Dispersion & Transport Phenomena in Urban Environments


Jyh-Ming Lien, Fernando Camelli, David Wong, Yanyan Lu, Stephen Donnelly, Evan Behar


The marks of Geographic Information Science and technology (GISc & T) can be found in many aspects of everyday’s life. Data with 3D information are rarely stored explicitly as 3D data in GIS (with the exception of TIN), but are often stored as 2D data with the third dimension information stored as an attribute in the table. As a result, GIS are often criticized of 2.5D in nature. The third dimension is highly relevant in today’s world, ranging from the dispersion of volcanic ashes from Iceland all over the Europe where the clouds are 3D objects, to the pumping of oil from the broken pipe in the Gulf of Mexico where the traces are 3D clusters.

Since the introduction of the concept of “Digital Earth,” almost every major international city has been re-constructed in the virtual world. A large volume of geometric models describing urban objects has become freely available in public domain via software like Google Earth. Although mostly created for visualization, the urban models from GIS can benefit many applications beyond visualization including video games, city scale evacuation plan, traffic simulation and earth phenomenon simulations. However, these urban models are mostly loosely structured and implicitly defined and require tedious manual preparation that usually take weeks if not months before they can be used.

Examples: Lower Manhattan
Water-tight mesh for CFD simulation generated by our new algorithm.
There are 1,161,850 vertices, 2,310,610 triangles, and 5,397 buildings in this example. The input composed of 45,496 polygons.

NYC water-tight mesh

Examples: Downtown Oklahoma City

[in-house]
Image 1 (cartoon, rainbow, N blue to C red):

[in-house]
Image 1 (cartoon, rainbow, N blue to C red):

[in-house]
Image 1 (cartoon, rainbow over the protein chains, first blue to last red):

In the following video, the green cloud represents an isosurface of 0.0001, and the brown cloud is an isosurface 0.00001. The release is continuous, and with a rate of 1 meter per second. The location is south of the public library in an area where there is a building currently. The inflow is a westerly wind with a wind speed of 5 m/s at 10 meters above ground level. The movie represents 500 seconds of real time from the moment that the release started. The Navier-Stokes equations and the transport and dispersion equations were integrated for 500 seconds (real time) using a mesh of 40 million tetrahedra, and 7 million points.




Publications
Comparing Four Different CFD Approaches to Simulate Transport and Dispersion in Oklahoma City, Fernando Camelli, Rainald Lohner, Jyh-Ming Lien and David Wong, 17th Conference on Air Pollution Meteorology with the A&WMA, part of the 92nd AMS Annual Meeting, Jan. 2012
Web Site / BibTeX
Generating Seamless Surfaces for Transport and Dispersion Modeling in GIS, Fernando Camelli and Jyh-Ming Lien and Dayong Shen and David W. Wong and Matthew Rice and Rainald Lohner and Chaowei Yang, Geoinformatica, April 2012
Web Site / Paper (pdf) / Link / BibTeX
Fast and Robust Generation of City Scale Urban Ground Plan, Jyh-Ming Lien and Fernando Camelli, and David Wong, Proc. Computer Graphics International (CGI), June 2011
Web Site / Paper (pdf) / BibTeX
Creating Building Ground Plans via Robust K-way Union, Jyh-Ming Lien and Fernando Camelli and David Wong and Yanyan Lu and Benjamin McWhorter, Visual Computer, in press 2011
Web Site / Paper (pdf) / BibTeX
Fast and Robust Generation of City-Scale Seamless 3D Urban Models, Yanyan Lu and Evan Behar and Stephen Donnelly and Jyh-Ming Lien and Fernando Camelli, and David Wong, Computer-Aided Design, volume 43, issue 11. Also in Proc. SIAM Conference on Geometric and Physical Modeling (GD/SPM), Nov. 2011
Web Site / Paper (pdf) / SPM presentation / BibTeX
Computer Science @ George Mason University